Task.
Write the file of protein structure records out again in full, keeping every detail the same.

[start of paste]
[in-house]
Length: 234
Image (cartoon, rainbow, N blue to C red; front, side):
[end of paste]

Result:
[in-house]
Length: 234
Image (cartoon, rainbow, N blue to C red; front, side):